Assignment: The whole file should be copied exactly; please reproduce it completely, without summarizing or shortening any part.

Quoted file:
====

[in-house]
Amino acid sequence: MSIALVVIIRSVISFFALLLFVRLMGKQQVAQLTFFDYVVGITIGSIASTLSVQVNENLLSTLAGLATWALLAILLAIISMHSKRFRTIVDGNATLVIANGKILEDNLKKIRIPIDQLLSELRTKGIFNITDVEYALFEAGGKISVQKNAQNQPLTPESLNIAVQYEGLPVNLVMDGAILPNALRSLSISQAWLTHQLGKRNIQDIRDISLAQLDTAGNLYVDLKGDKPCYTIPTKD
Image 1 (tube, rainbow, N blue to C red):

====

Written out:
[in-house]
Amino acid sequence: MSIALVVIIRSVISFFALLLFVRLMGKQQVAQLTFFDYVVGITIGSIASTLSVQVNENLLSTLAGLATWALLAILLAIISMHSKRFRTIVDGNATLVIANGKILEDNLKKIRIPIDQLLSELRTKGIFNITDVEYALFEAGGKISVQKNAQNQPLTPESLNIAVQYEGLPVNLVMDGAILPNALRSLSISQAWLTHQLGKRNIQDIRDISLAQLDTAGNLYVDLKGDKPCYTIPTKD
Image 1 (tube, rainbow, N blue to C red):